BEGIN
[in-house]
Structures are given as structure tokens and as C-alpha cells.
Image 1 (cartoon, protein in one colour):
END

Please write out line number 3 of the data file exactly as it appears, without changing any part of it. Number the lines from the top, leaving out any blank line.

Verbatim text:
Image 1 (cartoon, protein in one colour):